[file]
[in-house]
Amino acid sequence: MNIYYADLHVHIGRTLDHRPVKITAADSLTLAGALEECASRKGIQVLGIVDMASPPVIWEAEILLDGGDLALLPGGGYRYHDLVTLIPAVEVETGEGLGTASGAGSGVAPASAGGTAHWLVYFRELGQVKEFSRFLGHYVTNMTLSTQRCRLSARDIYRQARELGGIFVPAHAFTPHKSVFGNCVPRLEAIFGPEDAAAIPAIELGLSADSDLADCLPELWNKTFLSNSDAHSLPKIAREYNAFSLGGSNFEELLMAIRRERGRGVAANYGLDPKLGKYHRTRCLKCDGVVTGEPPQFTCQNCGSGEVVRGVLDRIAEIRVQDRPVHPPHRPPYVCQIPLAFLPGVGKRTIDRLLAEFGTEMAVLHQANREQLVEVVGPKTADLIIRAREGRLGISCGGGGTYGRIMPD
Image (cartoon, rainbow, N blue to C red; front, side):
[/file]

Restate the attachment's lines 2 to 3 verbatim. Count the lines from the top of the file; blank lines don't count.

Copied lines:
Amino acid sequence: MNIYYADLHVHIGRTLDHRPVKITAADSLTLAGALEECASRKGIQVLGIVDMASPPVIWEAEILLDGGDLALLPGGGYRYHDLVTLIPAVEVETGEGLGTASGAGSGVAPASAGGTAHWLVYFRELGQVKEFSRFLGHYVTNMTLSTQRCRLSARDIYRQARELGGIFVPAHAFTPHKSVFGNCVPRLEAIFGPEDAAAIPAIELGLSADSDLADCLPELWNKTFLSNSDAHSLPKIAREYNAFSLGGSNFEELLMAIRRERGRGVAANYGLDPKLGKYHRTRCLKCDGVVTGEPPQFTCQNCGSGEVVRGVLDRIAEIRVQDRPVHPPHRPPYVCQIPLAFLPGVGKRTIDRLLAEFGTEMAVLHQANREQLVEVVGPKTADLIIRAREGRLGISCGGGGTYGRIMPD
Image (cartoon, rainbow, N blue to C red; front, side):